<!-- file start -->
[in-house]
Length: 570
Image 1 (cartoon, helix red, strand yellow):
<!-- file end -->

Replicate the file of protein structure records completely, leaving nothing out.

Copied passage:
[in-house]
Length: 570
Image 1 (cartoon, helix red, strand yellow):